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Now that Metrobank (a bank in the UK) has been purchased by Gilinski, a Jew and no Heter Iska has been arranged - has there been any discussions about what those with mortgages/savings etc. should do?
To clarify - I am not asking for myself as I have none of these, I am just wondering if any responsa have been written regarding this.

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    Perhaps it is better to make it completely a theoretical question, as a bank with majority ownership by a jew, as opposed to naming banks which makes it seem like asking for a practical ruling.
    – אילפא
    Mar 1 at 10:56
  • There's a kuntres that comes out Pesach/Sukkos time called Kol HaTorah - if anything gets published it'll be there
    – AKA
    Mar 3 at 6:07
  • Signs in shuls from the UoHC say one should not carry out any interest bearing transaction with Metro Bank. They continue that if one has a mortgage which is very difficult/costly to redeem early one should give them a call. I suspect they will be reluctant to publicise any heterim that exist.
    – AKA
    Mar 3 at 6:11
  • I remember hearing that since the "owner" of the bank doesn't actually own anything, it remains a "corporation" and thus no "human" is involved - hence no Ribis. Proof that Gilinski doesn't own the bank? Let him walk into any branch and try take home a few chairs for the weekend. He'll get arrested for theft. (I have no idea where I learnt this.) I also don't think he can waive people loans or even approve new loans. He is simply the biggest share-holder - without chairs ;-) Mar 6 at 10:44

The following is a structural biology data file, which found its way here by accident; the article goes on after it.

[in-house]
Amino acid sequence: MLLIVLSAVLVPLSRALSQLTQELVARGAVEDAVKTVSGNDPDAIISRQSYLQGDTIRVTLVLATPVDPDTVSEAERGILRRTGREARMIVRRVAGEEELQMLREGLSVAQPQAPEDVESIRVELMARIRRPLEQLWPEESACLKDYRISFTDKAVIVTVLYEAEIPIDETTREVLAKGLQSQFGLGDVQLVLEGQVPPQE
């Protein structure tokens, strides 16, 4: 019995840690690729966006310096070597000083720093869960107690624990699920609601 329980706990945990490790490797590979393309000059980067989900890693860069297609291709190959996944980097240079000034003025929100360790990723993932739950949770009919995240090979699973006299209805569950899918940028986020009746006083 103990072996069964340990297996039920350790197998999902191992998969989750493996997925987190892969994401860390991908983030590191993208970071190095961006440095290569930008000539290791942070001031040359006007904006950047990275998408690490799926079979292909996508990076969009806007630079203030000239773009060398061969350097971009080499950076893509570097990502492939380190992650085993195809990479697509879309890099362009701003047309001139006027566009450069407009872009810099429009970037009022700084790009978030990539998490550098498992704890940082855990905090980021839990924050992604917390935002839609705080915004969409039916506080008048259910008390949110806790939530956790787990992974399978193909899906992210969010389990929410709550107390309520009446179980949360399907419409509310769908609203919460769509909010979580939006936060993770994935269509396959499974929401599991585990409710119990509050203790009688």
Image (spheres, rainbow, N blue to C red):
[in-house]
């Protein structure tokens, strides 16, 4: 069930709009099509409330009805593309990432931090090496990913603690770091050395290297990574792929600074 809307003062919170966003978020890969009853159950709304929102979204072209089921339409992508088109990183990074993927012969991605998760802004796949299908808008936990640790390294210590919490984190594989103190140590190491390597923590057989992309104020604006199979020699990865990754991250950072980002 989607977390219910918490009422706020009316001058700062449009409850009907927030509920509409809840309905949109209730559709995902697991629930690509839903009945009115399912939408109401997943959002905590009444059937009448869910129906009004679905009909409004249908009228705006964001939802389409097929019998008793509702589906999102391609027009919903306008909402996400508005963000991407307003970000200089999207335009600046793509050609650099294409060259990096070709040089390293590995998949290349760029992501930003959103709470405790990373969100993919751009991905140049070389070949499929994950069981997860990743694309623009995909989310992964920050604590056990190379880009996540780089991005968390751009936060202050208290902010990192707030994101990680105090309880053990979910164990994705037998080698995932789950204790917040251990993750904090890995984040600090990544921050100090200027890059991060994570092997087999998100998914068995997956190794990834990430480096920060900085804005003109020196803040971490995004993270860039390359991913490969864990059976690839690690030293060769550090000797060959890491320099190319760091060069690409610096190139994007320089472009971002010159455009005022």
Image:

2 Answers 2

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Yes there is a great shiur about it here: https://www.torahway.co.uk/Search/Listen/12382

The Rabbonim in England are saying that savings and current accounts since they are working with MetroBank to try and arrange for a Heter Iska one does not need to take the money out (this is based on a Reb Moshe, I will source later).

However, mortgages and loans need to be moved out ASAP from the bank because that is Ribis Min Hatorah, and therefore assur.

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    I don't have ribis knowledge and maybe this is a dumb question, but I thought to be ribis min haTora it has to be agreed upon before the loan takes place; here the borrower never agreed to borrow from a Jew at all!
    – msh210
    Mar 7 at 6:56
  • @msh210 The issue is that because the loans can be terminated by the borrower at will (albeit with a charge in the first few years), it's considered new interest on a loan between Jews. Indeed, if there was no ability to prepayment it would be OK for the reason you suggest
    – AKA
    Mar 7 at 17:32
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+50

There have been notices in the synagogues in the UK drawing attention to the problem. This article refers to the problem in detail. A few quotes,

It would seem clear from the preceding discussion that l’chatchilah one should not take a loan without a heter iska from a mortgage lender whose primary owner is Jewish.

The author goes on to discuss at length

But what does one do upon discovering this fact after having already procured a mortgage?

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    I couldn't see if the article deals with the most relevant issue here - people who've taken out a mortgage with the non Jewish bank which then got sold to a Jew
    – AKA
    Mar 3 at 6:12

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